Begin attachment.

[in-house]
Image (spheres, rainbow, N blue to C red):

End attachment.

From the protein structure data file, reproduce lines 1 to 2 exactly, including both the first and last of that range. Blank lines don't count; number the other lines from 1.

[in-house]
Image (spheres, rainbow, N blue to C red):